The prevalence of Parkinson’s disease – a chronic, gradually progressive, degenerative neurological disorder, which impairs motor skills as well as speech and writing – was estimated at approximately 4.5 million in 2005 and is expected to double to nine million by 2030.

Intensive research has helped in understanding the underlying etiology and pathogenesis of Parkinson’s disease, ultimately aiding in the development of disease modifying therapies; however, the first products to come out of the pipeline in the near future will be either new formulations of existing drugs such as a gel form of Duodopa (levodopa) or extended release pill formulation of levodopa+carbidopa (IPX066) or symptomatic drugs that address non- Parkinson’s disease issues such as pimavanserin (ACP-103) which suppresses psychosis and hallucinations associated with the disorder.

Neuroprotective and restorative treatments are still in earlier phases of clinical development in the pipeline, but there is reason to be optimistic that with the intensity of research ongoing for Parkinson’s disease, therapies which reverse the course of the condition may become a distinct reality in coming years, if not in the near future.

Using detailed data from GlobalData’s ‘Novel Targeted Therapies Hold the Promise of Cure for Parkinson’s disease’ report, we map both the current treatment landscape and the emerging treatments of the future.

Parkinson’s worldwide

“One million Americans are living with Parkinson’s disease.”

Approximately one million Americans are estimated to be living with Parkinson’s disease, which is more than the combined number of people diagnosed with multiple sclerosis, muscular dystrophy and Lou Gehrig’s disease.

Approximately 60,000 Americans are diagnosed with Parkinson’s each year – this number does not reflect the thousands of cases that go undiagnosed.

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An estimated seven to ten million people worldwide are living with Parkinson’s disease. Incidence of the disorder increases with age, but an estimated 4% of people with Parkinson’s are diagnosed before the age of 50. Men are one and a half times more likely to have the disorder than women.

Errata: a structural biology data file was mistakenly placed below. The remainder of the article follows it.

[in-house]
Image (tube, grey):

The combined direct and indirect cost of Parkinson’s disease, including treatment, social security payments and lost income from inability to work, is estimated to be nearly $25m per year in the US alone. Medication costs for an individual person with the disease are an average $2,500 a year and therapeutic surgery can cost up to $100,000 per patient.

Current treatment landscape

There are no curative therapies available currently for Parkinson’s disease and current treatment options focus on alleviating symptoms. Treatment options may include surgery, but are plagued by a high frequency of adverse events and side-effects.

Treatment of Parkinson’s varies for different people and mostly depends on the severity of the symptoms. Treatment changes as the disease progresses. The type of treatment and commencement of treatment depends on a patient’s age, economic condition and living conditions.

A compromised safety profile of currently available drug treatment options combined with the need for multi-drug therapy adversely impacts the therapy compliance rates. These factors underline the need for not only safe and efficacious therapies but also therapies which offer a cure rather than simply alleviating symptoms.

Emerging treatment landscape

Currently, there are two categories of therapies: symptomatic and neuroprotective, which are in clinical development for the treatment of Parkinson’s disease. Research has made remarkable progress with better understanding of the underlying causes of the disorder.

“Medication costs for an individual person with Parkinson’s are an average $2,500 a year.”

Some of the treatments being studied involve foetal cell transplantation, the use of stem cells, and gene therapy. Novel therapies especially dominate the phase II pipeline for the disease.